Grievance Policy & Procedures

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An employee grievance policy is a step-by-step method in which people who feel they have been wronged can alert management about the problem or issue. A fast and effective solution benefits all involved. Your employees are happy and productive and management has avoided what can be a lengthy and expensive process of resolution.[1]

Rather than turning a deaf ear to complaints, nonprofits need to provide employees with a credible listener who will also provide an objective review of their grievance. Employees will feel fairly treated if they have had an opportunity to tell their story, and the nonprofit has the benefit of learning, outside of litigation, the details of the employee's concerns. Insurance carriers and defense lawyers recommend that every employer have some sort of internal procedure for resolving complaints.[2]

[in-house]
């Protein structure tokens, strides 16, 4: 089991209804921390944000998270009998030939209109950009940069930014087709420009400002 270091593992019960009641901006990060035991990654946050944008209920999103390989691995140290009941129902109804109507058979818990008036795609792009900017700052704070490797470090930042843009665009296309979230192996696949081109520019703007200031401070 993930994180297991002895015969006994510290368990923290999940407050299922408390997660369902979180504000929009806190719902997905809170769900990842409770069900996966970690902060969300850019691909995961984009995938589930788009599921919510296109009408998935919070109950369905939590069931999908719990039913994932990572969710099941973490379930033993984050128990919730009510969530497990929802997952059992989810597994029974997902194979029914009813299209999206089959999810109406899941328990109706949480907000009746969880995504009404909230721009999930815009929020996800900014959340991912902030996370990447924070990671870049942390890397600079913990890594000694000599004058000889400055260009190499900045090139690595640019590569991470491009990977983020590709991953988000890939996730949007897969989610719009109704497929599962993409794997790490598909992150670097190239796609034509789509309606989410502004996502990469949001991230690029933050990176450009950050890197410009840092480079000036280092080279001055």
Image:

Basic Elements of a Formal Written Grievance Procedure

  • A requirement that employees utilize the grievance procedure by submitting their disputes or complaints to the nonprofit in a timely fashion;
  • A statement of how complaints are submitted (usually in writing) and to whom (usually there is a choice of two people so that if one of the identified persons makes the complainant uncomfortable, the other is still an option);
  • Identification of who will review the complaints and make the determination;
  • A statement that retaliation against any employee who brings a complaint is prohibited and will subject the retaliator to discipline up to and including discharge; and
  • A statement that the nonprofit will report back to the complaining party, and that the nonprofit's decision is final. [3]

Resources & Sample Documents

Nonprofit Risk Management Center: Grievance Procedures and Internal Dispute Resolution Should Staff Contact with the Board Be Restricted?

MissionBox: Personnel Policies and Procedures for Your Nonprofit